Thursday, September 5, 2013


Stomper and I have our bad days. Days where all I say is No: "Don't touch that. Put the kitty down before you hurt her. Please don't step on me. Lay still so I can change you." On and on and on and on and on. We sit and play with his trains or trucks or crayons and it's: "Don't put that in your mouth. You will break that if you step on it. That is not a ball, do not throw it." I am living in the book "No David!" and we both tire of it. 

Some days stretch on forever and it's all I can do to keep my cool until his bedtime.

Supper time is a nightmare. He's tired, I'm tired and hungry, and the men stressed from long days at work. It's not a good time some evenings. Somedays when I go to bed I fight back the tears, doubt, and guilt. I tell my husband that all I ever say to Stomper is "No." I tell him I feel like a horrible mother. I tell him I feel like a monster. He assures me time and time again that I'm a good mother. Some days I believe him.

In bed I rewind the day and review each "No." I question myself. Was there a better way to say that, to do that, to help him? Am I not involved enough, too much, do I keep him too busy? Is his temperament my fault, am I ruining him?

On one of our rough days in the last few weeks Jason came home and could tell I was at the end of my rope. He suggested a walk outside. Stomper screamed non-sense at us. We forced the little guy outside. He fought getting shoes on. He screamed. He cried when we took him outside. He screamed some more. I gave him an apple, he told me it was yucky. Then he ate it.

We went for a walk he screamed at us around bites of apple.

Then slowly the apple disappeared into his belly. He hit stuff with a stick as Papa worked on clearing a path through the brambles. For a moment the sun came out and it felt like we were going to be all right.

Those nights when he passes out from exhaustion from fighting with me all day I try to remind myself that this is just a small moment in a long life. I tell myself while I review my day and consider what I could have done better, that I am doing my best.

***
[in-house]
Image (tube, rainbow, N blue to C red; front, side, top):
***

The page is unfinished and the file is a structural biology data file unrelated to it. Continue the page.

And in the morning I work at remembering to use the tools I have learned: 

  • Love is patient (take a breath before redirecting unwanted behavior), 
  • Love is kind (no yelling, no name calling, let the "discipline fit the crime"), 
  • It does not want what belongs to others (when we are having a bad day don't compare him in my thoughts to other children, he is his own person, he learns differently, behaves differently, plays differently, and that is all right),
  • It does not brag, It is not proud (sometimes even Mommy needs to say "I was wrong."),
  • It is not rude (I watch my words and actions and behave appropriately, even when redirecting or disciplining him, when I am often at my weakest)
  • It does not look out for its own interests (his needs are more important than mine, I need to look at things from his point-of-view more often),
  • It does not easily become angry (get more sleep and this will be easier, spend more time with God and this will be easier, be less "busy" and this will be easier) 
  • It does not keep track of other people’s wrongs (his memory is short, mine should be shorter),
  • Love is not happy with evil. But it is full of joy when the truth is spoken (praise him when he does something right!)
  • It always protects (if he is not exposed to certain behaviors he will be less likely to act them out, if I am not exposed to certain attitudes I will be less likely to act them out),
  • It always trusts. It always hopes. 
  • It never gives up (God hasn't given up on me, I won't give up on me either),
  • Love never fails. 

My Mom tells me time and time again that my brother was the same way at Stompers age. I don't remember Ben being spanked every day, but Mom says that some days she felt like all she did was spank him. I cling to the knowledge that this season will pass.

And I remember his smile, his hugs and kisses, how he loves me to sing to him every night, snuggling in bed and watching Elmo far too early in the morning, reading and rereading his favorite books, the sound of his voice when he is playing with his trains, his laughter when I tickle him, the funny way he jumps, his boundless energy:

Oh how I love this little boy that God sent us!

Someday I will look back on this rough time and know that the hard work was worth it. I will look back and wonder how I could have ever thought I was a bad mother.


  1. So hi, are you me? I always feel like a horrible parent because all I seem to ever say is, "no" and I hate it...but he needs to learn it. There's a reason God made small children cute because, dear God, do they push every button in the book!

  2. Thanks for the disclaimer. You ARE a good mother because you rely on God for your strength. Keep parenting his way. I love you.


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